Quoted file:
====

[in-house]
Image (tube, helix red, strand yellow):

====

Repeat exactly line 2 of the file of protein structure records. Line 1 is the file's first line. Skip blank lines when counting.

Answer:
Image (tube, helix red, strand yellow):